Friday, October 18, 2019 | ePaper

Russian opposition plans major Moscow protest after crackdown

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Riot police have arrested more than 2,400 in two recent Moscow opposition rallies File photo

AFP, Moscow :
 Russian opposition supporters plan a major protest in Moscow on Saturday after police detained thousands at recent demonstrations that have been among the largest since President Vladimir Putin's return to the Kremlin in 2012.
In recent weeks, thousands have attended street protests calling for free and fair elections after the exclusion of several opposition figures, including allies of top Putin critic Alexei Navalny, from local Moscow elections next month.
Riot police and the national guard have used more violent tactics than previously and detained more than 2,000 at the last two rallies, which were not authorised by city officials.
Most opposition candidates who have been banned from participating in the vote have been jailed for violating protest laws.
A dozen protesters including university students face criminal charges of "mass disorder" that call for lengthy jail terms, despite their supporters insisting protests were peaceful.
Saturday's rally has been authorised which means participants should not face detention for protesting at the agreed location, but Navalny, who is currently in jail, has urged supporters to walk peacefully through the city afterwards.
Moscow police and the powerful Investigative Committee issued a warning against participating in unsanctioned protests which it said would be "immediately halted."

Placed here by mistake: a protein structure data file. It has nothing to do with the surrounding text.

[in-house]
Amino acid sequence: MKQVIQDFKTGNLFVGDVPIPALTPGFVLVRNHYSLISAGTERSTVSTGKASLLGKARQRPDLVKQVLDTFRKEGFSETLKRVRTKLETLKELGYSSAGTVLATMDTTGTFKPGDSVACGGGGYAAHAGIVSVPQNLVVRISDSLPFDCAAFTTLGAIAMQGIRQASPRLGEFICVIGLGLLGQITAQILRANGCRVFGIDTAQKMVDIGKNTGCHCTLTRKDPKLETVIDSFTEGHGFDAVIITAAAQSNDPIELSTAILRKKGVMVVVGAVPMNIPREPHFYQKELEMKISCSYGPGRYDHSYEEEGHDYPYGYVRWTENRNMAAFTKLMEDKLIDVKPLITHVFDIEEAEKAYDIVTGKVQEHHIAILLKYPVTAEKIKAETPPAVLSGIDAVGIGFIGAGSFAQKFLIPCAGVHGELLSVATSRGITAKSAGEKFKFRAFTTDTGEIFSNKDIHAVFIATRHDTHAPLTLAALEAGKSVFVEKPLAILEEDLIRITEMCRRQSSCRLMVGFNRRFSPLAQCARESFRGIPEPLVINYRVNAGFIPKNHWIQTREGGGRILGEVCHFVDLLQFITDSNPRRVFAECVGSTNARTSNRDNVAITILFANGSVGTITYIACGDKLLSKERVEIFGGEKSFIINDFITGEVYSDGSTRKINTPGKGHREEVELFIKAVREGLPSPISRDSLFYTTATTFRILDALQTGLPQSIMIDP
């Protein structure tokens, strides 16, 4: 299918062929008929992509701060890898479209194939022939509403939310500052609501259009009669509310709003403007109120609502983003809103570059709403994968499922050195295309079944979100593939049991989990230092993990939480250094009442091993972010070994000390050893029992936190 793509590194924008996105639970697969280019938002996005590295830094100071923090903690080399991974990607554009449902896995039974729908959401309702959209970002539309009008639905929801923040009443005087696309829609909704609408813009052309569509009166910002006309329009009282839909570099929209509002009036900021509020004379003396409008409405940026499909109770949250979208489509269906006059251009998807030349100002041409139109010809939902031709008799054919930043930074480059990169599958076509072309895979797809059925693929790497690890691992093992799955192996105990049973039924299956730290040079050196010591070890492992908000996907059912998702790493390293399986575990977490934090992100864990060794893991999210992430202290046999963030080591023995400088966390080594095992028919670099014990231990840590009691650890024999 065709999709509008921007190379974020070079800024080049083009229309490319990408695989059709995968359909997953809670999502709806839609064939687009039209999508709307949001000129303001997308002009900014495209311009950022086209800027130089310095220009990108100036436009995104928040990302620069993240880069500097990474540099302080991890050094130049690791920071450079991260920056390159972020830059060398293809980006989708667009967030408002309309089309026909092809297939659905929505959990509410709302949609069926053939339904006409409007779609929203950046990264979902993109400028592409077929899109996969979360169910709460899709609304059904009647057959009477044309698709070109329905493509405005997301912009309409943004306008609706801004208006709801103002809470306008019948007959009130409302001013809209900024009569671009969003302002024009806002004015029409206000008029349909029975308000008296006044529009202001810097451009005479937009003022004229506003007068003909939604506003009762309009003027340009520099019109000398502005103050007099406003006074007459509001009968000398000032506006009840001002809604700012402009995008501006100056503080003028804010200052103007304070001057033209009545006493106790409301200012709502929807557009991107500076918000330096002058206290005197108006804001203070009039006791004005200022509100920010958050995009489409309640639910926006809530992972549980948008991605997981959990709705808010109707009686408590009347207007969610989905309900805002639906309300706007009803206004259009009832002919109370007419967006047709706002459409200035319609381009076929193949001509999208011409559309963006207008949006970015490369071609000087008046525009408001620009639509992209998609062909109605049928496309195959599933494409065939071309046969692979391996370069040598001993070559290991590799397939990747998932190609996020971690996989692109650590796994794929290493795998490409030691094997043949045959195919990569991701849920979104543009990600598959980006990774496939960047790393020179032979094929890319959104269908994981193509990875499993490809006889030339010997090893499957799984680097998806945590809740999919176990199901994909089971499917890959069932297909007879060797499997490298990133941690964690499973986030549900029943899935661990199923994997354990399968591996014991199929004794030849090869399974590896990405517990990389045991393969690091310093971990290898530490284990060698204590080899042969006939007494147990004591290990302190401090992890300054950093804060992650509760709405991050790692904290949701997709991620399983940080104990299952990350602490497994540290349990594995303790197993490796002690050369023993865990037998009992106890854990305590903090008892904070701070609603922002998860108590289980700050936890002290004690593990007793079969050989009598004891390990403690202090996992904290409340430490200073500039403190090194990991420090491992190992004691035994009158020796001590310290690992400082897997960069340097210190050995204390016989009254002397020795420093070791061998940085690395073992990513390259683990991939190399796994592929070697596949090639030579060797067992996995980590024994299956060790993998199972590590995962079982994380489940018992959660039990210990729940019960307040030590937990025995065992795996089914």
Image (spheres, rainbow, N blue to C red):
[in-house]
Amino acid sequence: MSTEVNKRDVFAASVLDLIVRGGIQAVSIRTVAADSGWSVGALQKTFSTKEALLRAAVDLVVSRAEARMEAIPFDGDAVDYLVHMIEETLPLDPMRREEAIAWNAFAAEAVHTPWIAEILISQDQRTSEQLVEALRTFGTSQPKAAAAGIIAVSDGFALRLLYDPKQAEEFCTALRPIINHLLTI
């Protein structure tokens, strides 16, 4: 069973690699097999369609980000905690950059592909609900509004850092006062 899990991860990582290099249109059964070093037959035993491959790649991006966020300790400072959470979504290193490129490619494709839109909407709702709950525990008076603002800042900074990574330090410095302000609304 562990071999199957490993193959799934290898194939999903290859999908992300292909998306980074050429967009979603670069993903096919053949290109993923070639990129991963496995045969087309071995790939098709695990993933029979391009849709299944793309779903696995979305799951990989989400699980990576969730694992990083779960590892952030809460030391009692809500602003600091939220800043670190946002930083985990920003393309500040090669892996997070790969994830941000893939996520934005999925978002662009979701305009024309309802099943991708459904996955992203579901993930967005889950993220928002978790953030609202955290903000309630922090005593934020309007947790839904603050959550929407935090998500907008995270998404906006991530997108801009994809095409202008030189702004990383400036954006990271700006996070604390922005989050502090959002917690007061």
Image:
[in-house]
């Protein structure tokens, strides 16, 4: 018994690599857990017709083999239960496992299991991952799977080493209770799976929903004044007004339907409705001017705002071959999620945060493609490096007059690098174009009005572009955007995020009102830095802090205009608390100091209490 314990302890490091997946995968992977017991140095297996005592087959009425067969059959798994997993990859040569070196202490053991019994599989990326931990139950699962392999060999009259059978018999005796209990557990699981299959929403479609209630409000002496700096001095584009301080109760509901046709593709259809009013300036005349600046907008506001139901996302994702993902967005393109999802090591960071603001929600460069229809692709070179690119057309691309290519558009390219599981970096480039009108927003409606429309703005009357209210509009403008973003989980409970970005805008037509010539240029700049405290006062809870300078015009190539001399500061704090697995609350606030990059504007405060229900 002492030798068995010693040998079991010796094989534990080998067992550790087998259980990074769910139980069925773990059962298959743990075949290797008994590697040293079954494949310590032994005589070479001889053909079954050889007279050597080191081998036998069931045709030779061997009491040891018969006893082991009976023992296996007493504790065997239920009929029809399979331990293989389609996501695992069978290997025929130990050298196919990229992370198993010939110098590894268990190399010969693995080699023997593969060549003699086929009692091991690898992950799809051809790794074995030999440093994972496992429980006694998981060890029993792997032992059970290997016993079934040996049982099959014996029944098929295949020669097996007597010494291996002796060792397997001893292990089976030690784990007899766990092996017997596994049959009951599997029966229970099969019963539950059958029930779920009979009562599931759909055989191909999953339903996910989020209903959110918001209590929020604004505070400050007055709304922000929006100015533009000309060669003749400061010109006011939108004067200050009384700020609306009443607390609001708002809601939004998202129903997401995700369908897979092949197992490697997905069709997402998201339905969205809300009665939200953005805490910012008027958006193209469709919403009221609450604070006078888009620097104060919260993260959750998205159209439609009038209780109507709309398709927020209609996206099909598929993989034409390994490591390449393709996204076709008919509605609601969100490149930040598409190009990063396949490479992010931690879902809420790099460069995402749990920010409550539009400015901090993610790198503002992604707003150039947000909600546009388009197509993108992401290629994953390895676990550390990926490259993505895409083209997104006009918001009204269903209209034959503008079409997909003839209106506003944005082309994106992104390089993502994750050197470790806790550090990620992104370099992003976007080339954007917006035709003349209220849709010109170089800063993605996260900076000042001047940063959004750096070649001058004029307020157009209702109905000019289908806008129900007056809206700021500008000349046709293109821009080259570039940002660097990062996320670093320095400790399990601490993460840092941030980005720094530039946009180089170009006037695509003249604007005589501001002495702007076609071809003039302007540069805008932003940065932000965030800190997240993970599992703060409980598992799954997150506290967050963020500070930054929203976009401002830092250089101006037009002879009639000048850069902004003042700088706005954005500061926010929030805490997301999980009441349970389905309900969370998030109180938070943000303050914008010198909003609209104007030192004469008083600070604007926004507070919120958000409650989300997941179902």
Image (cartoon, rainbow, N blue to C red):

Showing the movement's appeal to young Russians, popular electronic and rap musicians are expected to play at the rally and mainstream celebrities have announced they will attend.
One of Russia's most famous rappers, Oxxxymiron, urged his fans to go, as did a star YouTube blogger Yury Dud.
"Let's not accept it as normal when innocent people are thrown in jail or harshly beaten up by police," Dud wrote on Instagram to his 2.3 million followers.
The latest demonstrations come as the authorities this week mounted their harshest attack yet on Navalny's team, focusing on his anti-corruption foundation which publishes investigations of officials close to Putin.
On Thursday investigators raided the foundation's office as part of a probe into alleged acceptance of donations of laundered money and a court froze the foundation's accounts.
"This is the most aggressive attempt yet to gag us," Navalny wrote in a blog entry he issued through lawyers while serving a 30-day sentence.
One of the foundation's lawyers, Lyubov Sobol, has been on hunger strike for weeks after being refused as a candidate in Moscow.
"These are all acts of political intimidation, political repression," she told journalists on Friday, condemning the criminal cases launched against activists as "fabricated and politically motivated."
As he enters his third decade in power, Putin's approval ratings have dropped significantly in recent months and critics say authorities fear any outlet calling for wider political change.
Moscow has even accused the US of encouraging people to attend protests, after the embassy posted the route of a recent march along with warnings to avoid the area.
"The repressive scenario that the authorities are relying on can probably dampen down open discontent but is hardly likely to reach the root of the problem," wrote Vedomosti daily in an editorial.
"A large section of society is not represented in power."

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